With the current completion of the many genome initiatives, the focus of bioinformatics has turned from genes to proteins. My group is focused on computational proteomics: the application of informatics techniques to understanding the structure, function, and interaction of the protein universe.
Such methods are particularly useful in cases where large databases of biological information are mined for valuable insights. We are constructing a library of interacting secondary structure motifs from known protein structures. These motifs will be used in methods for de novo protein structure prediction and protein function identification. This project mines the current database of solved protein structures (the Protein Data Bank) to find recurring secondary structure pairs. Clustering these pairs identifies recurrent interacting motifs. As an extension to this project, we will classify the interactions important for signaling between proteins. These will be collected into a database that can be further mined for biological information.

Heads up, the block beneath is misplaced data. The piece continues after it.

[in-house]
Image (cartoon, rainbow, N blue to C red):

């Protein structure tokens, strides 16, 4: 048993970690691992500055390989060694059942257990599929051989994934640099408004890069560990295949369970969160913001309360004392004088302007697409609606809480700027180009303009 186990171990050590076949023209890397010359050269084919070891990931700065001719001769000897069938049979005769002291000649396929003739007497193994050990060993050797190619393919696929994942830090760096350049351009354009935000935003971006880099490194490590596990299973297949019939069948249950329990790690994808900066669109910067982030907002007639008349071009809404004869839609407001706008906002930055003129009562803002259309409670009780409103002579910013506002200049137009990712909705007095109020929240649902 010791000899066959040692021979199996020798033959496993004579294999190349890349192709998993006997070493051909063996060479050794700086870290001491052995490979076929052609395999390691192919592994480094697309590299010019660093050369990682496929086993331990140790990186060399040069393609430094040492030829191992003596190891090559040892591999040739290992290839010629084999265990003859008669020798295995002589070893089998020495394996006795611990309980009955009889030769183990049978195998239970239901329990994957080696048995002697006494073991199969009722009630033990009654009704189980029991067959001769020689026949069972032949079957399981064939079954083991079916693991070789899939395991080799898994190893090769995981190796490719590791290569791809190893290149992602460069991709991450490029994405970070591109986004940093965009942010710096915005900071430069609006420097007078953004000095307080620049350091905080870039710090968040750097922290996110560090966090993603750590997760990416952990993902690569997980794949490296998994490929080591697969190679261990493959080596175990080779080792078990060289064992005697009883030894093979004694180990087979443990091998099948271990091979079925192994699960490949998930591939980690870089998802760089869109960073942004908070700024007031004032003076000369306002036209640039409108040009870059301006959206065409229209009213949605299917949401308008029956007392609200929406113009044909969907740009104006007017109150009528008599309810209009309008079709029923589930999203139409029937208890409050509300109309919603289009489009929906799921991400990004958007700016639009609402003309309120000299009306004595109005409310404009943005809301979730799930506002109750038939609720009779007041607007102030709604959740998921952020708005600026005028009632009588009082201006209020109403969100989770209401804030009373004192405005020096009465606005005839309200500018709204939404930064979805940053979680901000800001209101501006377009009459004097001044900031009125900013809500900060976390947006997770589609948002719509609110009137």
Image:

Current models of protein folding are unable to correctly describe the folding landscape. One weakness of these models is how they treat the solvent surrounding a protein. We are testing various models for the water solvent against data derived from NMR (Nuclear Magnetic Resonance) experiments on small peptides. By comparing our model against experimental data, we hope to obtain a more accurate model for the protein solvation and a more accurate potential describing a protein folding landscape.